The Office of Qualifications and Examinations Regulation (Ofqual), which regulates qualifications, examinations and assessments in England, has published a useful guide for students and parents about how GCSEs, AS and A Levels will be awarded this summer.
Students across England will receive AS, A level and GCSE results next week, as well as results for many vocational and technical qualifications. Students will get AS and A level results on Tuesday and GCSE results on Thursday. Here’s a reminder of how grades were determined this year, and some information about possible next steps.
Summer 2021 grades have been determined by teachers – they’re known as teacher assessed grades, or TAGs. Exams did not go ahead because the different levels of Covid-associated disruption across the country meant that it would not be fair if all students took the same exams given that some schools and colleges have been able to teach more of the curriculum than others.
TAGs are based on evidence of students’ work, but only on the content that they have been taught. This was to help level the playing field between those students who had missed a great deal of teaching time and those who had not. The path of the pandemic has been uncertain, so teachers were given flexibility to decide on an appropriate range of evidence that would allow them to assess how their students had performed. That could include things like mock exams, class tests, and non-exam assessment already completed.
Exam boards also provided assessment materials for schools and colleges to use, if desired, as part of the assessment process – past paper questions, often broken down by topic area, so teachers could select questions to reflect what they have taught. Schools and colleges made decisions about the best way to use this material, and other evidence depending on their particular circumstances.
Exam boards also provided grade descriptors and guidance about how to assess students. We and JCQ provided advice about how teachers could make objective judgements.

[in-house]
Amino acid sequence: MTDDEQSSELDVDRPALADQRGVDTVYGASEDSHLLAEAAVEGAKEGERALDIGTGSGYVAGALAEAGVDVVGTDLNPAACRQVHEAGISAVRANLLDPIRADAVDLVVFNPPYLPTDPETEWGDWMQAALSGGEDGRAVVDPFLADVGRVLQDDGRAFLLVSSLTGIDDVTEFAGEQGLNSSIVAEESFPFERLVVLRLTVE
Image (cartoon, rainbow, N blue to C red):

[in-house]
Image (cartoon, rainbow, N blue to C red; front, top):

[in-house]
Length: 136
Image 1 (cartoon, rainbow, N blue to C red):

Schools and colleges put in place internal quality assurance processes. They were required to make sure at least two people were involved in each judgement and the head of each school or college had to sign off the grades. Teachers and senior leaders in schools and colleges have worked incredibly hard to make sure that judgements were made, quality assured and submitted on time. They also submitted examples of students’ work to the exam boards. Initial findings from our survey of teachers and headteachers suggests that, despite the increased workload, they are confident in the integrity of the results for students.
Exam boards also put in place external quality assurance arrangements, checking each centre’s policy, reviewing the profile of grades submitted, and reviewing samples of student work. In the vast majority of cases, they found that grades were supported by the evidence. Where exam boards had concerns, these were followed up with the school or college and in some cases, teachers reconsidered their judgements and submitted revised grades.
What does this mean for results week?
As we said in February, the different arrangements this year and the impact of the pandemic mean that overall results are likely to look different from previous years. That’s not surprising. Instead of all students taking the same set of exams, different schools and colleges assessed their students on different sub-sets of the curriculum, depending on the extent of disruption. But although the way students were assessed was different, the results day experience should be relatively normal. Individual students will receive their grades just as they would in any other year.
The priority for summer 2021 was to make sure that students could get grades that would help them move on to the next stage of their education or training, despite the disruption they have experienced. The grades next week will do just that. If students think there has been an error affecting their grade, they will be able to appeal and exam boards will prioritise appeals where the student needs the outcome of that appeal to take up a firm university offer. There is more information, including about appeals, in our student guide.
Students this year have been resilient and they should be proud of the grades they will receive next week. We wish them well for the next stages of their lives.
Director of Standards and Comparability at Ofqual
See more at www.gov.uk/government/organisations/ofqual